Events are inheritable members of contracts. When they are called, they cause the arguments to be stored in the transaction’s log - a special data structure in the blockchain. These logs are associated with the address of the contract and will be incorporated into the blockchain and stay there as long as a block is accessible (forever as of Frontier and Homestead, but this might change with Serenity). Log and event data is not accessible from within contracts (not even from the contract that created a log).
SPV proofs for logs are possible, so if an external entity supplies a contract with such a proof, it can check that the log actually exists inside the blockchain (but be aware of the fact that ultimately, also the block headers have to be supplied because the contract can only see the last 256 block hashes).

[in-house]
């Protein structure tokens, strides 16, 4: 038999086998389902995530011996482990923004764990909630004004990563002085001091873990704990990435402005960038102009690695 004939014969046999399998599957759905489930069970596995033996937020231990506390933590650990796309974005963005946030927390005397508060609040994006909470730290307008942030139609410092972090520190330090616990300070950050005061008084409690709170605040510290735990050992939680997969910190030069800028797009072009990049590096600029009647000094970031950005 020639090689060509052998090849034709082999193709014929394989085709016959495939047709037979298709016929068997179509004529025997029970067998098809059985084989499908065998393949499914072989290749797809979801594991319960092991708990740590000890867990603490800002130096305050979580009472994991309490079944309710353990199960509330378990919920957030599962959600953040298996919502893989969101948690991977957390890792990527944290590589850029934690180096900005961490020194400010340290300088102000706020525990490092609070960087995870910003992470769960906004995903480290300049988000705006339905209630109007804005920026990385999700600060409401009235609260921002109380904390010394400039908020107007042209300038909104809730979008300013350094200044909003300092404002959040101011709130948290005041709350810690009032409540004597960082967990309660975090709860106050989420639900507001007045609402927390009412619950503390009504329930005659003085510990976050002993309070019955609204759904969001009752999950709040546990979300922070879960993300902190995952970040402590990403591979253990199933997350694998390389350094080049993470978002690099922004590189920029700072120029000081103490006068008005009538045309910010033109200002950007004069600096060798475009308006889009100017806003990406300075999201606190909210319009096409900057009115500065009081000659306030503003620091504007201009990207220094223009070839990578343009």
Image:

Up to three parameters can receive the attribute indexed which will cause the respective arguments to be searched for: It is possible to filter for specific values of indexed arguments in the user interface.
If arrays (including string and bytes) are used as indexed arguments, the Keccak-256 hash of it is stored as topic instead.
The hash of the signature of the event is one of the topics except if you declared the event with anonymous specifier. This means that it is not possible to filter for specific anonymous events by name.
All non-indexed arguments will be stored in the data part of the log.